The JPA would use the city’s taxing authority. Allowing the JPA to use its authority would require the city to reduce its 50-cent levy limit by 1 cent. Currently, the city levy is $31.7 cents per $100 in valuation, far below the levy limit.
Though it isn't specified in the agreement, the city and LPS board members have indicated their intent to make the JPA proposal levy neutral, so the two boards would have to reduce their current tax levies to offset a new tax levied by the JPA.
The agreement would continue the funding split for existing school resource officers, for which the school district pays about 35 percent of the costs.
Despite having a current program, city and school district leaders have privately discussed forming a JPA that would provide a long-term foundation for CLCs for several years.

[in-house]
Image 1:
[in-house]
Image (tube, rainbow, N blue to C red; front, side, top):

"There’s been a pretty concerted effort to work on a JPA over a number of years,” said Neal.
“The issue is finding a time when it really fits, when there’s a confluence of issues that are very complex and require the school district and the city working incredibly closely.”
Some officials believe that time may have come with the recent concern over school safety, which both the city and schools need to address.
The JPA would provide funding to the programs, but would not actually run them. For example school resource officers would be part of the Lincoln police force and CLCs would continue to be operated by nonprofit agencies, with oversight by LPS administrators.
The JPA agreement is expected to be discussed at a Monday morning meeting of the Super Common, which consists of the City Council, mayor, Lancaster County Board and Lincoln Board of Education. It will also be part of an LPS board work session in the afternoon.